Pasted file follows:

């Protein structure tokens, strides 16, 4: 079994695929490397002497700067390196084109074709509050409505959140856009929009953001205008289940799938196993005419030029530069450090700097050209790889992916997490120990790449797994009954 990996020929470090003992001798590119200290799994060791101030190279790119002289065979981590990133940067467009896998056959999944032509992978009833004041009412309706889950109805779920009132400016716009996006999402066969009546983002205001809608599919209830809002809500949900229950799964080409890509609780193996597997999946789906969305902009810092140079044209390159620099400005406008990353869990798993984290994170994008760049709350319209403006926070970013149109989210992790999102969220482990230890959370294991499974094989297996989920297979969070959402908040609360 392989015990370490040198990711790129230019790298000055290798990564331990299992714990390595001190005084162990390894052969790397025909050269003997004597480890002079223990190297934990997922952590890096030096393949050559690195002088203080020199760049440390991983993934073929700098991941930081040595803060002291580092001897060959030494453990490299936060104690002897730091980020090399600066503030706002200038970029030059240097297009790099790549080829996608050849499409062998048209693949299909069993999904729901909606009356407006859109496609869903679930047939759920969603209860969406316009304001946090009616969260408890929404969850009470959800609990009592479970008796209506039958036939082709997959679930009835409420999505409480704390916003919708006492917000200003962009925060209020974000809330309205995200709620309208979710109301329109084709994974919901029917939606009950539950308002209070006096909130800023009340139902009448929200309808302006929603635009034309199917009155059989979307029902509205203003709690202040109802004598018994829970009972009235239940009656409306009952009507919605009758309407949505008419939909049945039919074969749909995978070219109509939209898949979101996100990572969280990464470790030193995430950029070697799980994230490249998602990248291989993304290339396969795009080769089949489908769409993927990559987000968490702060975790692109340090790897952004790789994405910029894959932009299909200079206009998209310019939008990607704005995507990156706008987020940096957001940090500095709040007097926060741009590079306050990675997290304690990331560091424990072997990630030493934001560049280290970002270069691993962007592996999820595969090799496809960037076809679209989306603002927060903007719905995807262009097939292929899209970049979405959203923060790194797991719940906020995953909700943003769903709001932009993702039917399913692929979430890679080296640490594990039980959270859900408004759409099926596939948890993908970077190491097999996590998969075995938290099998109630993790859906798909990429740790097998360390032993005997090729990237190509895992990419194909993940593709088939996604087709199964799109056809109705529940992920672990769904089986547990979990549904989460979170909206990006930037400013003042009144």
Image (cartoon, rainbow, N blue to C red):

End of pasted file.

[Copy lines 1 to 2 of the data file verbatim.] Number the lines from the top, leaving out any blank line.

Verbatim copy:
């Protein structure tokens, strides 16, 4: 079994695929490397002497700067390196084109074709509050409505959140856009929009953001205008289940799938196993005419030029530069450090700097050209790889992916997490120990790449797994009954 990996020929470090003992001798590119200290799994060791101030190279790119002289065979981590990133940067467009896998056959999944032509992978009833004041009412309706889950109805779920009132400016716009996006999402066969009546983002205001809608599919209830809002809500949900229950799964080409890509609780193996597997999946789906969305902009810092140079044209390159620099400005406008990353869990798993984290994170994008760049709350319209403006926070970013149109989210992790999102969220482990230890959370294991499974094989297996989920297979969070959402908040609360 392989015990370490040198990711790129230019790298000055290798990564331990299992714990390595001190005084162990390894052969790397025909050269003997004597480890002079223990190297934990997922952590890096030096393949050559690195002088203080020199760049440390991983993934073929700098991941930081040595803060002291580092001897060959030494453990490299936060104690002897730091980020090399600066503030706002200038970029030059240097297009790099790549080829996608050849499409062998048209693949299909069993999904729901909606009356407006859109496609869903679930047939759920969603209860969406316009304001946090009616969260408890929404969850009470959800609990009592479970008796209506039958036939082709997959679930009835409420999505409480704390916003919708006492917000200003962009925060209020974000809330309205995200709620309208979710109301329109084709994974919901029917939606009950539950308002209070006096909130800023009340139902009448929200309808302006929603635009034309199917009155059989979307029902509205203003709690202040109802004598018994829970009972009235239940009656409306009952009507919605009758309407949505008419939909049945039919074969749909995978070219109509939209898949979101996100990572969280990464470790030193995430950029070697799980994230490249998602990248291989993304290339396969795009080769089949489908769409993927990559987000968490702060975790692109340090790897952004790789994405910029894959932009299909200079206009998209310019939008990607704005995507990156706008987020940096957001940090500095709040007097926060741009590079306050990675997290304690990331560091424990072997990630030493934001560049280290970002270069691993962007592996999820595969090799496809960037076809679209989306603002927060903007719905995807262009097939292929899209970049979405959203923060790194797991719940906020995953909700943003769903709001932009993702039917399913692929979430890679080296640490594990039980959270859900408004759409099926596939948890993908970077190491097999996590998969075995938290099998109630993790859906798909990429740790097998360390032993005997090729990237190509895992990419194909993940593709088939996604087709199964799109056809109705529940992920672990769904089986547990979990549904989460979170909206990006930037400013003042009144």
Image (cartoon, rainbow, N blue to C red):